Planners must also consider the force needed to deal with a potential insurgency from the population, which becomes decidedly less pro-Russia outside of the Donbas territories. Counterinsurgency force structure size is generally based on the size of the population and level of resistance expected. This naturally leads to a much wider variance in estimates. In this scenario, a compliant populace would require a force of only around 4,200 troops, while an extreme insurgency could spike that number to 42,000. In this particular case, no extreme insurgency is expected, as it would be in cities such as Dnepropetrovsk, Kharkiv or Kiev. The defensive force could overlap with the counterinsurgency force to some degree if there were no external threat, but if such a threat existed the forces would have to be separate, potentially doubling the manpower required to secure the territory.
Wargaming Russia's Military Options in Ukraine

A similar scenario that has been considered is the seizing of the entire southern coast of Ukraine in order to connect Russia and its security forces in the Moldovan breakaway region of Transdniestria to Crimea. The logic goes that this would cripple Kiev by cutting off access to the Black Sea and would secure all of Russia's interests in the region in a continual arc. In terms of effort required, Russia essentially would be doubling the land bridge option. It would require an attacking force of 40,000-60,000 troops driving almost 645 kilometers to seize territory encompassing 103,600 square kilometers over 23-28 days. The required defensive force would number 80,000-112,000. This would also add a complicated and dangerous bridging operation over a large river. Moreover, the population in this region is approximately 6 million, necessitating 13,200-120,000 counterinsurgency troops.

These first two scenarios have a serious flaw in that they involve extremely exposed positions. Extended positions over relatively flat terrain — bisected by a river in one scenario — are costly to hold, if they can be defended at all against a concerted attack by a modern military force. Supply lines would also be very long throughout the area and, in the scenario that extends beyond the Dnieper River, rely on bridging operations across a major river.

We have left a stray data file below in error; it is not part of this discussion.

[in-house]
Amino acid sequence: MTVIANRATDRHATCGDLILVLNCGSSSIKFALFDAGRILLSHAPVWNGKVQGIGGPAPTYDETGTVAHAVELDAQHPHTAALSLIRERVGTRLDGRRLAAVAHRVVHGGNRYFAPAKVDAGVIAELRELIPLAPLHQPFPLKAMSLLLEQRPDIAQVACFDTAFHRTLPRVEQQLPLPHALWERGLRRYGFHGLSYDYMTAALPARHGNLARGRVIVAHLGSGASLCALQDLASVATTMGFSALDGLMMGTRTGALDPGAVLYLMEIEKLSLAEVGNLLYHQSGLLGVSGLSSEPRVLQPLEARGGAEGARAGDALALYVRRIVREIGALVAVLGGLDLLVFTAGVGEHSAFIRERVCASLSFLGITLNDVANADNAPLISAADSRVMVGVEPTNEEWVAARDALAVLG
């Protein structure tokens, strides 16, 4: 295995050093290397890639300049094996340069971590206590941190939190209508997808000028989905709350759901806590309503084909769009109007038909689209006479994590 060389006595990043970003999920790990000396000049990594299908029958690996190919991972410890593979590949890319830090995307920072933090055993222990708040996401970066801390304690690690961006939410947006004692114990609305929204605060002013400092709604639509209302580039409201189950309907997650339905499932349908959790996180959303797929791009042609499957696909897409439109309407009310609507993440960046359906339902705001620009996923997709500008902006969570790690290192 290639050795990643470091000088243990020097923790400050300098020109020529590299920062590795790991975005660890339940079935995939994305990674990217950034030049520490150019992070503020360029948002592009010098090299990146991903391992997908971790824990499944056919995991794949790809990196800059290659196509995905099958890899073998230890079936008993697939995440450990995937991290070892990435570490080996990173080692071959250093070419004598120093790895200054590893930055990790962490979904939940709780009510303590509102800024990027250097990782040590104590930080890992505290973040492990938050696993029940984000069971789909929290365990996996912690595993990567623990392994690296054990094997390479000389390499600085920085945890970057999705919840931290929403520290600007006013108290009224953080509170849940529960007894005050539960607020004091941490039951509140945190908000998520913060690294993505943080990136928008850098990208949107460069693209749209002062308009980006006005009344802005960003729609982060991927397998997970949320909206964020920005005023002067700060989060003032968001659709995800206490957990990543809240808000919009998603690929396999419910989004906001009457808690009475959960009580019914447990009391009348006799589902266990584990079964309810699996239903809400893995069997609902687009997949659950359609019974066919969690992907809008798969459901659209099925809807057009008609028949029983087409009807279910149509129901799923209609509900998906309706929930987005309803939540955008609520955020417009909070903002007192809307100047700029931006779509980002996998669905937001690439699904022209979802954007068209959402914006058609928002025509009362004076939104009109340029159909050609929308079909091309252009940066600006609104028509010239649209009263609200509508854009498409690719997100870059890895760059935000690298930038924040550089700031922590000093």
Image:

A third scenario would involve Russia taking all of eastern Ukraine up to the Dnieper and using the river as a defensive front line. When it comes to defending the captured territory, this scenario makes the most sense. The Dnieper is very wide in most places, with few crossings and few sites suitable for tactical bridging operations, meaning defending forces can focus on certain chokepoints. This is the most sensible option for Russia if it wants to take military action and prepare a defensive position anchored on solid terrain.

However, this operation would be a massive military undertaking. The force required to seize this area — approximately 222,740 square kilometers — and defeat the opposition there would need to number 91,000-135,000 troops and advance as much as 402 kilometers. Since the river could bolster defensive capabilities, the defensive force could remain roughly the same size as the attacking force. However, with a population of 13 million in the area, the additional troops that might be required for the counterinsurgency force could range from 28,000-260,000. Russia has approximately 280,000 ground troops, meaning that the initial drive would tie down a substantial part of the Russian military and that an intense insurgency could threaten Russia's ability to occupy the area even if it deployed all of its ground forces within Ukraine.